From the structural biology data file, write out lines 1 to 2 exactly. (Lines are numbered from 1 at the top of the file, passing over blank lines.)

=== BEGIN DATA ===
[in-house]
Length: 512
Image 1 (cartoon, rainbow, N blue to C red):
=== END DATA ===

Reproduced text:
[in-house]
Length: 512